“Judging is a bastard. I've never been on a jury where there was a consensus apart from once or twice.”

Q: As an interviewer, what would be the most important question you would ask an award jury member judging photobooks? And what would be your answer?
A: I would never interview an award jury member. I don't even really like interviewing curators. It's about the artist, or, it should be. Judging is a bastard. I've never been on a jury where there was a consensus apart from once or twice. Usually, any one of the books or artists that make it onto a shortlist of, say, six, could be the winner. That’s when it comes down to personal preference or to tactical voting. It's a kind of hell. Unless someone comes along who just blows everyone on the jury away, it's really hard, dogged and you walk away feeling a bit low. That's my experience anyway. My question to myself would be: why are you doing this?

Q: Can you tell us about the first photobook you purchased for your own collection?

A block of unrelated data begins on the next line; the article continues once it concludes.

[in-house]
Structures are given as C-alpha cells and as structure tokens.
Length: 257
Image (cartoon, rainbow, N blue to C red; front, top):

A: Well, when I first bought photo-books it wasn't to collect them. I just bought randomly what I liked, usually second-hand: Koudelka's Exiles, Nan Goldin's Ballad, Tulsa by Larry Clark, Troubled Land by Paul Graham – which I stupidly gave away to a girl I liked. I can't remember the first one exactly, but it was one of those. Ray's A Laugh was the most important catalyst for me wanting to write about photography for sure. And Eggleston. Not just his photographs, but his short afterword to The Democratic Forest. I can still quote from it: “What have you been photographing today, Eggleston?' “Well, I've been photographing democratically.” 'But what have you been taking pictures of?' “I've been outdoors, nowhere, in nothing…” Just beautiful.